Azure Sphere Security Service is a turnkey cloud service that monitors all the Azure Sphere devices. It also brokers trust using renewable certificates, George noted, enabling a device to trust adjacent devices that it might be communicating with. The system detects emerging security threats across the entire Azure Sphere ecosystem through online failure reporting.
As part of its commitment to security, Microsoft has been working with the Industrial Internet Consortium (IIC) to create a Security Maturity Model. “It’s sort of the first comprehensive cyber-physical security model,” George explained.
Industrial companies need a better way to understand how to work toward their security goals. “We need a common language to talk about security,” George added. “Protecting a smart doorbell is a little different than protecting a nuclear power plant.”
The IIC recently introduced the Security Maturity Model through a whitepaper, and will provide more technical guidance in the coming months.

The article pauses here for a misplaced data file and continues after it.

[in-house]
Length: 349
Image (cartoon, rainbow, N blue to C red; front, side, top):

On-premise cloud capabilities
Whether because of concerns about the security of their data, limited connectivity or other reasons, industrial companies have been pushing Microsoft for more on-premise capabilities. So Microsoft is also working on bringing Azure IoT Hub and IoT Hub Device Provisioning Service to Azure Stack, which extends the company’s Azure cloud platform to on-premises environments.
“In general, we’re seeing an increased adoption of cloud. They’re realizing that cloud is a more secure place, no question,” George said. “What we’re seeing, though, particularly in manufacturing, a lot of remaining customers still want to run it on premises. And they’re really demanding offerings. We’re a big believer in meeting customers where they are.”